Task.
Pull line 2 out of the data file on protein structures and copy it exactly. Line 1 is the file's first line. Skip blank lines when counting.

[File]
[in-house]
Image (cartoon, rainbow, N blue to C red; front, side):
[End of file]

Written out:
Image (cartoon, rainbow, N blue to C red; front, side):